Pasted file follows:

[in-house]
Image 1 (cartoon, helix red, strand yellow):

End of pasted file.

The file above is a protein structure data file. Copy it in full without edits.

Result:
[in-house]
Image 1 (cartoon, helix red, strand yellow):